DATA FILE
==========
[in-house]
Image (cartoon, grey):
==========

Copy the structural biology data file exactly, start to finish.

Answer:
[in-house]
Image (cartoon, grey):